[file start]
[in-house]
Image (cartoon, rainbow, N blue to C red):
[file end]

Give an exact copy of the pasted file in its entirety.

[in-house]
Image (cartoon, rainbow, N blue to C red):